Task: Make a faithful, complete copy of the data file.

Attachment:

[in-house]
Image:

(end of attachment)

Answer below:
[in-house]
Image: